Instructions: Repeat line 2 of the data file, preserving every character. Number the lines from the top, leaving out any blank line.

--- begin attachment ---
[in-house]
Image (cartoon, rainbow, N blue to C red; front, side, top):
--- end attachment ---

Image (cartoon, rainbow, N blue to C red; front, side, top):